Loosen the chains of the guilty, / Send forth light to the blind, / Our evil do thou dispel, / Entreat for us all good things.
The most intricate counterpoint of the work musically represents these chains and their gradual loosening. This movement is in D minor. First to appear are the sackbuts. To introduce the first line of text they play a canon at the unison, the bass sackbut entering only one beat after the tenor. (This canon is derived from the beginning of the chant used in the first movement.) At their second entrance the bass follows a third below and two beats later. The third time, the bass is a fifth below and four beats behind, and at the final statement they play together at the octave.
Next to be heard, just prior to the singers’ entrance, is the soprano recorder–cornetto pair. They play a canon similar to that of the sackbuts’, always in octaves, but again, the second voice delays its entrance more and more each time. The first time, the recorder enters one beat behind. The second time, two beats, the third, three, and finally they play together. In between each of these statements, over the double-reed trio, they play the tune in long half notes.
The singers are also assembled in pairs: 2nd tenor and baritone in octaves sing the tune, but in inversion; 2nd soprano and 1st tenor in octaves, singing the tune (right-side up) but on a different starting note; and 1st soprano and mezzo singing in somewhat freer counterpoint.
Finally, the trio of tenor shawm with tenor and bass dulcians comment in between the lines of text, using musical material from the chant. The second half of each instrument’s line mirrors its first half. Each entrance, instead of delaying as the other instruments do, comes in quicker each time until, at the end, they start together. The top and bottom instruments play the same music each time. The tenor shawm alternates its line between one beginning on a C and one transposed to begin on an F.
4. Monstra te esse matrem, / sumat per te precem / qui pro nobis natus / tulit esse tuus.
Show thyself to be a Mother: / Through thee may he receive prayer / Who, being born for us, / Undertook to be thine own.
Its melody inspired by another Ave maris stella chant, one which opens with stepwise motion up and down, this movement for three women’s voices and two sackbuts returns to the dorian mode, on A. It uses antiphons or choruses, the antiphon on Monstra te repeated by the instruments. The voices and brass continue fairly independently of each other, the sackbuts providing only spare accompaniment, up until they are brought together at pro nobis natus, “being born for us.”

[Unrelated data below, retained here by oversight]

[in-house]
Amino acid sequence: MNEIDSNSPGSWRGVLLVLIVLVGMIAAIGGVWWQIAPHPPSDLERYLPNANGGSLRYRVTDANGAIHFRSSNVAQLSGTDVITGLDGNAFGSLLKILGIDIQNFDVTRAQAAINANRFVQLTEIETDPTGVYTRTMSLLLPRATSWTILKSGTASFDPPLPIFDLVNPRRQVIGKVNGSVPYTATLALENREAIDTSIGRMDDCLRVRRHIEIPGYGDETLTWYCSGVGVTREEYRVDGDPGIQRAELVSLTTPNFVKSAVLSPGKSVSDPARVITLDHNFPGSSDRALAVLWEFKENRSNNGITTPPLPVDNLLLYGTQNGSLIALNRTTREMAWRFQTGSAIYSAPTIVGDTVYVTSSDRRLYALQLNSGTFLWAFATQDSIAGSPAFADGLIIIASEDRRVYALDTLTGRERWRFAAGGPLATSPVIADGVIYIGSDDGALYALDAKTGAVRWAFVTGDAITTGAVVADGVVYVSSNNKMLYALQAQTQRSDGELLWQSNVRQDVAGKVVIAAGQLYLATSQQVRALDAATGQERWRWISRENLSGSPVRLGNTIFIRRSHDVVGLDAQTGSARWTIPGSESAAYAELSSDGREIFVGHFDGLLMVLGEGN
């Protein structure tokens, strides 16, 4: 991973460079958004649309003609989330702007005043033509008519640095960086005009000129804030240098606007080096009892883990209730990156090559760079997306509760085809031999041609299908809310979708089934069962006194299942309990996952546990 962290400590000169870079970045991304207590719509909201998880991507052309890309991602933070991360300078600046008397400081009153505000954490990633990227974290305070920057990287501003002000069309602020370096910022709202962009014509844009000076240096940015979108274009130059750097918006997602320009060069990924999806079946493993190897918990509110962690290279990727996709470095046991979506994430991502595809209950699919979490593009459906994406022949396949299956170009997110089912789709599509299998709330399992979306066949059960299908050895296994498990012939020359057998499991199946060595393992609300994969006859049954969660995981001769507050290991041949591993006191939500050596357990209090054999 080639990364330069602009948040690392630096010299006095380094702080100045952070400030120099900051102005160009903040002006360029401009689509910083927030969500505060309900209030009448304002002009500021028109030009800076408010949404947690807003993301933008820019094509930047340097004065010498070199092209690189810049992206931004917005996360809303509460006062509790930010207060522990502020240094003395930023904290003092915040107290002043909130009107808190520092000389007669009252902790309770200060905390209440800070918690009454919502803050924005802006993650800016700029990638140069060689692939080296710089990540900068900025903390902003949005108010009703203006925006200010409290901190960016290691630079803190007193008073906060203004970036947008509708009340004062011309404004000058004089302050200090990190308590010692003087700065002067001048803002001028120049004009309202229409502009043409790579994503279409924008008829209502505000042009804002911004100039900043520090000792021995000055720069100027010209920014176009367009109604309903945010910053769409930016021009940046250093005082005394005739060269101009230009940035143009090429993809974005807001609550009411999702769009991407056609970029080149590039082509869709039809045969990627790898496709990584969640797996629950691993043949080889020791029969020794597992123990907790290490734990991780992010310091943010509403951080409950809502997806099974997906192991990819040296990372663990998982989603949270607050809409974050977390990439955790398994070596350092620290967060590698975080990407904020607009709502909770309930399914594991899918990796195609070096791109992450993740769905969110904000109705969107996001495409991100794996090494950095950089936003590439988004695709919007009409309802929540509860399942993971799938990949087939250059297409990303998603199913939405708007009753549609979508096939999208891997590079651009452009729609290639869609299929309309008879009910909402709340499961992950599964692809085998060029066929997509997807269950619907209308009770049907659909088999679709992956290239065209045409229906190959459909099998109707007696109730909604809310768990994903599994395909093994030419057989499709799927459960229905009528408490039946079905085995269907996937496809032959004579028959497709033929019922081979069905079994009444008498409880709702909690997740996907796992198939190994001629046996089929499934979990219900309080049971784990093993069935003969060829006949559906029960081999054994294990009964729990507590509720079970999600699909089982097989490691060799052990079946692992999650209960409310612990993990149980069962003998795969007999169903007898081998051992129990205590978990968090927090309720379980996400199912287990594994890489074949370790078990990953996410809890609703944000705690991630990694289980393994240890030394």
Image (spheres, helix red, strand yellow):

5. Virgo singularis, / inter omnes mitis, / nos culpis solutos / mites fac et castos.
O unique Virgin, / Meek above all others, / Make us, set free from our sins, / Meek and chaste.
This is in what is to me the most bittersweet and ineffable of modes, lydian, on C. Much like a major scale but with the 4th raised one-half step, the lydian mode excels at conveying both comfort and amazement at the same time. (I used it for the Psalm 113 in Vespers, also commissioned by Piffaro, for that reason.) Here, it epitomizes the very concept of the virgin mother of God. Cornetto and three recorders comprise a trio sonata commentary, slow and somewhat dance-like, between the vocal statements, the two lower recorders, mostly in octaves, providing the basso. This movement echoes the stepwise motion of the chant used earlier. At the end, castos, “chaste,” receives a quirky 5/4 measure (the rest of the movement being in 2/2, 3/2, and 4/2). Then castos is repeated, with the same music as was used with Virgo at the beginning.
6. Vitam præsta puram, / iter para tutum, / ut videntes Jesum / semper collætemur.
Bestow a pure life, / Prepare a safe way: / That seeing Jesus, / We may ever rejoice.
An extensive alto recorder solo progresses along with the trio of men, joined by the drone of a string drum which establishes the mode of E hypophrygian. Phrygian is more “minor” than minor, with its lowered 2nd degree of the scale, but the cliché of the minor key as sad is both relatively recent, and actually not even then always true. Here, rejoicing comes from seeing Jesus, which is made possible through a pure life; this mode seemed most capable of handling all those layers of wonder and emotion. The repeatedly struck single E on the string drum seems to indicate the necessity of purity, leading toward the elated, even romantic writing at Jesum.
7. Sit laus Deo Patri, / summo Christo decus, / Spiritui Sancto / tribus honor unus. Amen.
Praise be to God the Father, / To the Most High Christ be glory, / To the Holy Spirit / Be honour, to the Three equally. Amen.
A solo cornetto introduces the entire ensemble reprising the opening music, this time to the Sit laus Deo Patri doxology. The fanfare for straight trumpets returns, but longer this time, and demanding even more intricate playing. The movement finishes with an extended “Amen,” using pitches from the main chant, begun by the women, answered by the men, then the instruments, then everyone together. The spirits of the fanfare and perhaps that Ephesian protest return and propel the final pages of Amens to conclude the work.